Rocket science, it isn't: eating at restaurants is typically a more caloric experience than if you prepare foods at home.1

However, the new health care law has a provision that may help customers make more informed choices about the calorie content of their food. The law requires that any restaurant chain with at least 20 outlets post calorie counts for all the food items they sell. This affects about 200,000 restaurants nationwide, WSJ reports. The general idea is that it could help consumers make decisions that will change their behavior and lead to more healthy eating habits.

New York City implemented a menu-labeling requirement in 2008, and many state, county and local regulations across the country have similar plans on the books. The federal law will supersede these regulations.

WSJ reports that calorie counts must be listed on menus, menu boards, drive-through displays and vending machines under the law. Additional information - such as sodium levels, carbohydrates and saturated fats - must be available on request. Temporary specials and custom orders are exempted.

This won't happen overnight - most likely, it will take about three to four years to develop a  labeling proposal, write up the regulations, and implement them nationwide. Interestingly, the National Restaurant Association is behind the regulations because it will "help health-conscious consumers track nutritional facts," and "the law also solved the problem of restaurants having to deal with differing
menu regulations around the country."

Some restaurants are behind the regulations as well: "This isn't telling them what to eat or playing nutritional police - it's about making nutritional information available," said Ron Shaich,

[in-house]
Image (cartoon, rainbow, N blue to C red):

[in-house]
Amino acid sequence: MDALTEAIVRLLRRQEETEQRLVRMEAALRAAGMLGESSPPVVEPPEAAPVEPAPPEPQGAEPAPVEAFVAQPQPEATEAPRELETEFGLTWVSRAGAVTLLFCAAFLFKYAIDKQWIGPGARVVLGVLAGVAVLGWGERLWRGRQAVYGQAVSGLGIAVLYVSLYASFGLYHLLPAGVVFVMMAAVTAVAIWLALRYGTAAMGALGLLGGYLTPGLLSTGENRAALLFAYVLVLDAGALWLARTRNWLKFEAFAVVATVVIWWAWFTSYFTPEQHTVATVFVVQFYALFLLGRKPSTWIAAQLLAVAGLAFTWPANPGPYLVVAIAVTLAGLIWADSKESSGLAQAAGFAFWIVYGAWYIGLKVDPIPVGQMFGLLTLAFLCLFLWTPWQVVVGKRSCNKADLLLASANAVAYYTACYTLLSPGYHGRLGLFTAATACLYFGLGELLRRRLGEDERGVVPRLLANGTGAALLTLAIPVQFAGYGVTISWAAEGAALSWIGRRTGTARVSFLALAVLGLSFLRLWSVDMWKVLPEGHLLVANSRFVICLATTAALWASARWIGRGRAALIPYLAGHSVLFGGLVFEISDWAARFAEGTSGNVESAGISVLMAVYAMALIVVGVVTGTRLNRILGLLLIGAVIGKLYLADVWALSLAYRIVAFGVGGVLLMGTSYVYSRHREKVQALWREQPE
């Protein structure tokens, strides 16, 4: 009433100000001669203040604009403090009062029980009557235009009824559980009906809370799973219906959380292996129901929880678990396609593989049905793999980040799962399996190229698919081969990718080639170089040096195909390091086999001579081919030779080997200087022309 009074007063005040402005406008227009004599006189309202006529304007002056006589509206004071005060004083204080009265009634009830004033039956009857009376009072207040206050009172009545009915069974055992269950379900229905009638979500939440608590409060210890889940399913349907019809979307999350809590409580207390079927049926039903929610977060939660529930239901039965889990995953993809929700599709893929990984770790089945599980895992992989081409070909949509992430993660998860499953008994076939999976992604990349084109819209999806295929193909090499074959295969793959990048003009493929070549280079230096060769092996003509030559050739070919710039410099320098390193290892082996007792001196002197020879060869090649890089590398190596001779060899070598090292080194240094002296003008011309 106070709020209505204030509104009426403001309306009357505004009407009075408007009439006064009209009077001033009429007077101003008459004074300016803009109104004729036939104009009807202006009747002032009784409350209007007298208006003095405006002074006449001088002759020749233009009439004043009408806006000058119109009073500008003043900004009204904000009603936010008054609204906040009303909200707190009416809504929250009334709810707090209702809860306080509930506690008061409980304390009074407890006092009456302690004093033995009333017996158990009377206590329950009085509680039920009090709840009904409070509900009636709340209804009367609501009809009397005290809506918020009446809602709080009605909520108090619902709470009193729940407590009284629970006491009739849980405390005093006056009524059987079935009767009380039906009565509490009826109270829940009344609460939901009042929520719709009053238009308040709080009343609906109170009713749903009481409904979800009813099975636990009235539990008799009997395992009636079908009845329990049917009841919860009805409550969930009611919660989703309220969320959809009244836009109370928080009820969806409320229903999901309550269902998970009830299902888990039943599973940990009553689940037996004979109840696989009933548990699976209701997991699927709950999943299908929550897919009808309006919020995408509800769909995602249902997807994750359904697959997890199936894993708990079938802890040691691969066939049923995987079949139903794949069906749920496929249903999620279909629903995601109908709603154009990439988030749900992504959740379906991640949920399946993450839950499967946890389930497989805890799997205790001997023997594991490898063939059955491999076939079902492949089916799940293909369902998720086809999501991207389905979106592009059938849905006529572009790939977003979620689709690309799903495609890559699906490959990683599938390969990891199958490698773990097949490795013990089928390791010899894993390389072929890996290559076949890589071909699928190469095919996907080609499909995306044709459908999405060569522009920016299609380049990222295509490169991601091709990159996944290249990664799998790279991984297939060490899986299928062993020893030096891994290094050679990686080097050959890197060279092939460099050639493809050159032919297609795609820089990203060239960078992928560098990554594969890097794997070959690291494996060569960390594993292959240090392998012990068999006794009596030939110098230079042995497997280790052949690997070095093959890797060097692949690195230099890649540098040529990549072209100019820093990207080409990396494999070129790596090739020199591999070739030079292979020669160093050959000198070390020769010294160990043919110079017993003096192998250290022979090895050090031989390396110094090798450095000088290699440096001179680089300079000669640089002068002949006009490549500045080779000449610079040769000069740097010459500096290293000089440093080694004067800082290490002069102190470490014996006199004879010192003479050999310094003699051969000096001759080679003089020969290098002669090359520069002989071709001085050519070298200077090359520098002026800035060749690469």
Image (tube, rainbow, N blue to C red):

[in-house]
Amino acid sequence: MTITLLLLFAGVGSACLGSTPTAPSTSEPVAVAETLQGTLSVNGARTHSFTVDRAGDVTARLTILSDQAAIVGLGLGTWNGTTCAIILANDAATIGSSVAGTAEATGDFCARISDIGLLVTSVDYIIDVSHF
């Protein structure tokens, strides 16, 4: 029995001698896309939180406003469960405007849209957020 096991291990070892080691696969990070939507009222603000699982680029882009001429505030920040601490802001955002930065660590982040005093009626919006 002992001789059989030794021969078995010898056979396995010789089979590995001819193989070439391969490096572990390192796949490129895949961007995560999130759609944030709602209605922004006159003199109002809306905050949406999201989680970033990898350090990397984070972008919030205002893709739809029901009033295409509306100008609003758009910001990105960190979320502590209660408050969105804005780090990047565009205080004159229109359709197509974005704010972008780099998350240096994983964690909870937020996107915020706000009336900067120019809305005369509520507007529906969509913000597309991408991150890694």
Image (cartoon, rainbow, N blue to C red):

co-founder and chief executive of Panera Bread Co.

But there are critics who say just menu labeling isn't enough to curb obesity. The president of the New Jersey Restaurant Association, Deborah Dowdell, says there are better ways to do that, like exercise education (which is working so very well right now, Ms. Dowdell). A New York City health official said yes, that's true, but when you add it to the layers of public health programs already out there, it can be a big piece of the low-fat pie.

Granted, menu labeling is only as useful as the numbers are accurate - if restaurants under-report calories by 18%, as a study by Tufts University said, this won't be quite as helpful.

I personally think this is a great idea, if restaurants report calories correctly and are routinely checked to ensure accuracy. When I've patronized places that post calories, I do stop and think about my choices. I still remember the first time I learned that my Chipotle burrito was over 1000 calories. Rice, beans, chicken, veggies - how can that be so calorie-dense? However, if there's a particular item I'm craving, even knowing the calories may not stop me. For example, the heavenly Becky-sized deliciousness that is the Sour-Cream Glazed Timbit will be mine - oh yes, it will be mine - regardless of the Timbit-sized fat pouch it leaves on my stomach and hips. But given that I can only get Timbits on rare occasions thanks to its sporadic locations in the northeastern US, this splurge won't break the caloric bank.

Good idea, yes. Will make more informed consumers, yes. Will change consumer behavior? Maybe, at least in some instances. But it certainly can't hurt.

1 Unless you're Jesus or one of the Apostles, in which case you're getting more bang for your food buck as the centuries go on.